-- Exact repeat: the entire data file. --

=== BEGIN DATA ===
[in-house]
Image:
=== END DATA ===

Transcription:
[in-house]
Image: